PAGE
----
Photo Of The Day

Why Didn't Yao Ming Also Sleep?

 

Yao Ming alone is awake among the sleeping congressmen and women attending the 13th Shanghai Municipal People’s Congress on January 13, 2012. (screenshot)

The former Chinese NBA star Yao Ming was appointed by the Chinese communist party to be a member of the CPPCC (Chinese People’s Political Consultative Conference). Yao Ming is also a student at Shanghai Jiao Tong University at present, and at same time conducting his wine business.

Having all those duties to attend to, Chinese bloggers commented on these photos:

"Why did 'Delegate Yao' not sleep?"

"Please have a look: the back of those chairs are so low, even if 'Delegate Yao' slid down in his seat he would still not be able to rest his back properly; but think about it everyone, Yao is a star, and a tall man, if one takes photos, doesn't matter from which angle, one cannot miss Yao. If Yao was caught sleep, what kind of news would we get? ...!  Well, Yao made the right decision, did not sleep, but Yao is dreaming with his eyes open, if you check the photos carefully..."

Statement on Xu Zhiyong Sentence PDF Print E-mail
Real China
Citizen Power for China   

We strongly condemn China’s ruling regime for sentencing, on January 26th, 2014, internationally respected scholar and rights activist Xu Zhiyong to four years of imprisonment. The conviction for “gathering a crowd to disturb public order” represents a shameful escalation of the Communist leadership’s suppression of the citizen movement demanding the public disclosure of government officials’ assets, a universally accepted practice for preventing government corruption in all civilized countries worldwide.


Xu Zhiyong and his colleagues Zhao Changqing, Ding Jiaxi, Hou Xin, among others, fought for the general public’s desire and right to be involved in their own government’s decisions. Their speech and actions, lawfully exercised under Clause 35 of China’s constitution, demonstrated some of the most valuable and necessary qualities within the Chinese public today. Xu Zhiyong and his colleagues had called on the public to believe in freedom, justice, and love. Their subsequent conviction and imprisonment is a humiliation and embarrassment to China.

Regime's lofty promises

The Communist leadership regrettably excludes Xu Zhiyong and those like him from their vision of the “Chinese Dream”. In viewing citizen movements as a disturbance and threat to their authoritarian ambitions, the ruling elites have overwhelmingly suppressed citizen actions and thereby inviting the public’s outraged reactions. The reality of the regime’s relentless suppression is a cautionary tale to those who remember newly installed Xi Jinping’s lofty anti-corruption promises. A country can never bloom under those lacking integrity and trustworthiness. Under Communist rule, corrupt officials have accumulated to the hundreds of thousands, citizen rights are mercilessly abused, economic rights and public interests are shamelessly exploited, and the state apparatus has made its own people “enemies” to maintain the ruling elite’s hold on power. Dissidents, independent intellectuals, defense lawyers, peasants, and victims of forced land seizure and demolitions, victims of forced abortions, veterans, Tibetans, Ugyhurs, Inner Mongolians, Christians, Falungong practioners, and many more have all become the opposition forces to the Chinese regime and its political system.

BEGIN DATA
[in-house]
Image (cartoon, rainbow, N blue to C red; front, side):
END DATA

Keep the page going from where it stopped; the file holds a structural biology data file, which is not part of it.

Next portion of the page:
We believe that the efforts to suppress the Chinese citizen movement only has strengthened the opposition forces against the authoritarian Communist regime. At this critical moment, Citizen Power for China urges those in all walks of life in China to continue to push for the values of “Freedom, Justice, and Love”, defiantly and without any illusions. The different opposition forces must work together to seek consensus for a robust democratic opposition in China, as it is fundamental for transforming China’s political system. China’s hopes and future depend on citizen power and cooperation.

Citizen Power for China (aka Initiatives for China)

 

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